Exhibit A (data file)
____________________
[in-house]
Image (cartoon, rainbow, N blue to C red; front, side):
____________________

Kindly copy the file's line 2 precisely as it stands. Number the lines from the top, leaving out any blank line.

Image (cartoon, rainbow, N blue to C red; front, side):